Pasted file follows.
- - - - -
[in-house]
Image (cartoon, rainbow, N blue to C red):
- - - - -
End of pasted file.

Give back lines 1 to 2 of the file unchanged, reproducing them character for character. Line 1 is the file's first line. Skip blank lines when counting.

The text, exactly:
[in-house]
Image (cartoon, rainbow, N blue to C red):